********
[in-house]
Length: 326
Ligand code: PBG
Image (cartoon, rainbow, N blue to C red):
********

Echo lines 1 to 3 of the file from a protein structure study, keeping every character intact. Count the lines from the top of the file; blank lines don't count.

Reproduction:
[in-house]
Length: 326
Ligand code: PBG